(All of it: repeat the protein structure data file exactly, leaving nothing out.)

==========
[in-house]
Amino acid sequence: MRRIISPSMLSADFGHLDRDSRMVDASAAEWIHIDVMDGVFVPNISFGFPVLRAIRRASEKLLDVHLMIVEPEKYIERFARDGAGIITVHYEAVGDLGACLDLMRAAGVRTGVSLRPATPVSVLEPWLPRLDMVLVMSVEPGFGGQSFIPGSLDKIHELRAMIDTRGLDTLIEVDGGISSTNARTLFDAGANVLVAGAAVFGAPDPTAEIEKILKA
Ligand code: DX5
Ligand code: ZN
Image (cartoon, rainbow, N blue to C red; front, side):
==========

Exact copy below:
[in-house]
Amino acid sequence: MRRIISPSMLSADFGHLDRDSRMVDASAAEWIHIDVMDGVFVPNISFGFPVLRAIRRASEKLLDVHLMIVEPEKYIERFARDGAGIITVHYEAVGDLGACLDLMRAAGVRTGVSLRPATPVSVLEPWLPRLDMVLVMSVEPGFGGQSFIPGSLDKIHELRAMIDTRGLDTLIEVDGGISSTNARTLFDAGANVLVAGAAVFGAPDPTAEIEKILKA
Ligand code: DX5
Ligand code: ZN
Image (cartoon, rainbow, N blue to C red; front, side):